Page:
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    Hi, and welcome. Either way you go you will need to do double wall class A chimney from the ceiling below, through the second floor and then continue through the roof. Class A is required to be used from the ceiling up, even if it is open after the "first"ceiling. In the upstairs, where the pipe will be exposed, it is required to be enclosed in a chase of sorts. It's OK to use single wall until you reach the ceiling support. It is also not a good idea to extract as much of the heat from the flue as possible, it may produce some heat in the upstairs, the result will be excessive creosote build-up from reducing the temp. of the flue gases too much. I hope this helps.
  3. DAKSY

    DAKSY Patriot Guard Rider Staff Member

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    You don't indicate where you are located, but if you're gonna hafta deal with a building inspector/code enforcement official, you may find that you can't do this. For the most part, having a wood burning appliance in a garage is a no no. There are just too many HIGHLY flammable items (Gasoline, Brake Cleaner, Solvents) that may combust when their fumes are introduced to an open flame, like when you re-load. Maybe you should re-think this, & consider an OWB or the like...
  4. Hodmokrin

    Hodmokrin New Member

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    Thanks for the replies:

    I'm located in KY.

    I'm new to wood burning forums, and I'm not sure what "OWB" is.

    I spoke to the insurance company, and they seemed to be more concerned about utility vehicles such as atvs etc being in the garage. I store gasoline outside. I have some solvents etc, but they are sealed in proper containers, and located quite a ways from where the stove will be (not to mention I am considering buying some locking metal cabinets to store such items before I install the stove, and plan on storing them in a separate room from the stove)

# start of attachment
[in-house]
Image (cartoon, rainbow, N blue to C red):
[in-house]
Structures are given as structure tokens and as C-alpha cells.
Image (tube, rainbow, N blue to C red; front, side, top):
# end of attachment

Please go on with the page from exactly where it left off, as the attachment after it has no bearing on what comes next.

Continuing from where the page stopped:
The building inspector informed me I just needed to apply for a permit (of course they want some money), and then get it inspected. Apparently I am the first one to actually call the building inspector in this area for a wood stove since the county inspector referred me to the state inspector, which still didn't know exactly what I would need, and had to check on it himself and call me back =). He didn't express too many concerns about the fact that it was in a detached building, and I even explained my plan of running the stove pipe through the second floor to which he said was fine (with proper insulated pipe etc). My experience with my county inspector thus far has been that he likes to briefly glance at something, and then spend most of his time making small talk instead of inspecting which i guess is in my favor, but will require me to know the code better than he does since he doesn't seem to require much, and I want to be safe.